It's the rare car buyer who walks out of a dealership convinced they got the absolute best deal on their purchase.
CRL researchers have closely scrutinized dubious car lending practices – using data derived from industry sources and results from a consumer survey – so that buyers might be better informed and get a fairer shake. "Car Trouble: Predatory Auto Loans Burden North Carolina Consumers," is CRL's first ever research report on this topic, and its findings are concerning.
We found that total kickback volume in North Carolina for new and used autos bought in 2007 totals a massive $665 million. "Kickbacks," another term for dealer markups, occur when lender agrees with dealer that the dealer may increase the buyer's interest rate. The kickback is financed by the excess interest the buyer pays over the life of the loan, and the extra profit is either split between lender and buyer or pocketed entirely by the dealer. For car buyers in North Carolina, this results in an average dealer markup of $642 per car, and total kickback volume of $665 million annually.
A consumer survey of more than a thousand adults enabled CRL to gain further perspective on auto lending and confirmed the pervasiveness of "yo-yo" scams in the marketplace. "Yo-yo" scams occur when the buyer is convinced they've sealed the deal and drive the vehicle home, only to discover they were placed in a conditional sale agreement later. The transaction becomes a "yo-yo" when the buyer is called back in to the dealership, and is told that the sale cannot be made as agreed. At that point, the buyer is required to pay the loan balance in full and return the car, or rework financing at more expensive terms.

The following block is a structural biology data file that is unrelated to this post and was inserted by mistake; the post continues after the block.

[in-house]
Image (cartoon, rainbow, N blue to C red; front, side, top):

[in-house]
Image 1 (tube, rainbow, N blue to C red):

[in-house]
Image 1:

The survey found that a quarter of low-income survey respondents have experienced "yo-yos." This obscure practice leads to a 5 percentage point higher interest rate on average for borrowers who can least afford it.
It is common practice that some salespeople will convince car buyers that purchasing add-ons such as vehicle service contracts (VSCs) and extended warranties, theft deterrent packages, and credit life and disability insurance is mandatory for the loan to be processed. CRL found that "loan packing" of add-on products disproportionately impacts African Americans and low-income buyers.
CRL supports legislation in the North Carolina General Assembly, HB 1223, which does the following to protect North Carolina consumers:
- Bans Dealer Kickbacks: Ban the back-end compensation dealers receive for selling more costly loans to consumers.
- Prohibits "Yo-Yo" Scams: Prohibit yo-yo scams and ensure more meaningful enforcement to prevent them.
- Addresses "Loan Packing": Provide a consistent and transparent means of presenting the cost of the vehicle, all fees, and add-on product sales.